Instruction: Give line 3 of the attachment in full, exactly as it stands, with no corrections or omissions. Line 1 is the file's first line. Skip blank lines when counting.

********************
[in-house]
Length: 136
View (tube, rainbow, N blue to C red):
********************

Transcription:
View (tube, rainbow, N blue to C red):